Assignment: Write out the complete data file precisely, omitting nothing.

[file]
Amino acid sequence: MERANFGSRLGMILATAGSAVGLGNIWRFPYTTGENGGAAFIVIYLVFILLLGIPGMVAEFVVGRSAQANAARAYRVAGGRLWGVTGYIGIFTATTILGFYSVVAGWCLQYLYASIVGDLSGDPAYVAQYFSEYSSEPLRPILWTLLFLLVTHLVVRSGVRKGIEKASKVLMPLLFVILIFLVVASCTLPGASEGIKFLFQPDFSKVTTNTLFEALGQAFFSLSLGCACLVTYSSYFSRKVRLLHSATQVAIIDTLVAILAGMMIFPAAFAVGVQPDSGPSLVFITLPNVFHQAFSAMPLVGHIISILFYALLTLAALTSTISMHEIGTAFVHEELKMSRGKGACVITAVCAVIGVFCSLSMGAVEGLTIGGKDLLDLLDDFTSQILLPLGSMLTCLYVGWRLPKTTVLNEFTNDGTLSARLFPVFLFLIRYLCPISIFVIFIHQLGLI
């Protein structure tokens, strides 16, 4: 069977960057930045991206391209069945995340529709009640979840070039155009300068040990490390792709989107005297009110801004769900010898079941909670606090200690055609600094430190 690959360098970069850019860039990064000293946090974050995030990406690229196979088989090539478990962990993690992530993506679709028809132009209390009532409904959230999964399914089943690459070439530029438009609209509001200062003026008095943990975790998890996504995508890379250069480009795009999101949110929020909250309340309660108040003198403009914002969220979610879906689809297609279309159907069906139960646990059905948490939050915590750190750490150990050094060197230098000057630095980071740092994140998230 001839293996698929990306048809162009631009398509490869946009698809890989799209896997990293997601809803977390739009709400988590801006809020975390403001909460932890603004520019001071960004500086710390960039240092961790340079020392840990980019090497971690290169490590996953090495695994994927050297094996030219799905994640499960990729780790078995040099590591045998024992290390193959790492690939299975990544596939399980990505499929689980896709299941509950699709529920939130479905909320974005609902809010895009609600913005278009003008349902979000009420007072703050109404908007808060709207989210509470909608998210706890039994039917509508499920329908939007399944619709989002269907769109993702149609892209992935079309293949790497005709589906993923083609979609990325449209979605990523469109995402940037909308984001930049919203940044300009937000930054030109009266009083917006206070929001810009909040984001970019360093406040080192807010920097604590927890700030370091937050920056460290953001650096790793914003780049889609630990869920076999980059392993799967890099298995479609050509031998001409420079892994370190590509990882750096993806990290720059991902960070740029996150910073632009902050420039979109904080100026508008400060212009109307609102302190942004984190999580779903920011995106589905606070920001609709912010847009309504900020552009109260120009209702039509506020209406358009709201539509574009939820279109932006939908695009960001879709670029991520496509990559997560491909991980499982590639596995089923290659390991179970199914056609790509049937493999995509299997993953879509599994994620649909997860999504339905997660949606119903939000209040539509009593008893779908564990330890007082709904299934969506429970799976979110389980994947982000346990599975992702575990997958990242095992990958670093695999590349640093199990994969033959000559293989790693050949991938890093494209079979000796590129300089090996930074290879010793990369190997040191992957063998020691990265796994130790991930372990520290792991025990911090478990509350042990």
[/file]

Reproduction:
Amino acid sequence: MERANFGSRLGMILATAGSAVGLGNIWRFPYTTGENGGAAFIVIYLVFILLLGIPGMVAEFVVGRSAQANAARAYRVAGGRLWGVTGYIGIFTATTILGFYSVVAGWCLQYLYASIVGDLSGDPAYVAQYFSEYSSEPLRPILWTLLFLLVTHLVVRSGVRKGIEKASKVLMPLLFVILIFLVVASCTLPGASEGIKFLFQPDFSKVTTNTLFEALGQAFFSLSLGCACLVTYSSYFSRKVRLLHSATQVAIIDTLVAILAGMMIFPAAFAVGVQPDSGPSLVFITLPNVFHQAFSAMPLVGHIISILFYALLTLAALTSTISMHEIGTAFVHEELKMSRGKGACVITAVCAVIGVFCSLSMGAVEGLTIGGKDLLDLLDDFTSQILLPLGSMLTCLYVGWRLPKTTVLNEFTNDGTLSARLFPVFLFLIRYLCPISIFVIFIHQLGLI
């Protein structure tokens, strides 16, 4: 069977960057930045991206391209069945995340529709009640979840070039155009300068040990490390792709989107005297009110801004769900010898079941909670606090200690055609600094430190 690959360098970069850019860039990064000293946090974050995030990406690229196979088989090539478990962990993690992530993506679709028809132009209390009532409904959230999964399914089943690459070439530029438009609209509001200062003026008095943990975790998890996504995508890379250069480009795009999101949110929020909250309340309660108040003198403009914002969220979610879906689809297609279309159907069906139960646990059905948490939050915590750190750490150990050094060197230098000057630095980071740092994140998230 001839293996698929990306048809162009631009398509490869946009698809890989799209896997990293997601809803977390739009709400988590801006809020975390403001909460932890603004520019001071960004500086710390960039240092961790340079020392840990980019090497971690290169490590996953090495695994994927050297094996030219799905994640499960990729780790078995040099590591045998024992290390193959790492690939299975990544596939399980990505499929689980896709299941509950699709529920939130479905909320974005609902809010895009609600913005278009003008349902979000009420007072703050109404908007808060709207989210509470909608998210706890039994039917509508499920329908939007399944619709989002269907769109993702149609892209992935079309293949790497005709589906993923083609979609990325449209979605990523469109995402940037909308984001930049919203940044300009937000930054030109009266009083917006206070929001810009909040984001970019360093406040080192807010920097604590927890700030370091937050920056460290953001650096790793914003780049889609630990869920076999980059392993799967890099298995479609050509031998001409420079892994370190590509990882750096993806990290720059991902960070740029996150910073632009902050420039979109904080100026508008400060212009109307609102302190942004984190999580779903920011995106589905606070920001609709912010847009309504900020552009109260120009209702039509506020209406358009709201539509574009939820279109932006939908695009960001879709670029991520496509990559997560491909991980499982590639596995089923290659390991179970199914056609790509049937493999995509299997993953879509599994994620649909997860999504339905997660949606119903939000209040539509009593008893779908564990330890007082709904299934969506429970799976979110389980994947982000346990599975992702575990997958990242095992990958670093695999590349640093199990994969033959000559293989790693050949991938890093494209079979000796590129300089090996930074290879010793990369190997040191992957063998020691990265796994130790991930372990520290792991025990911090478990509350042990």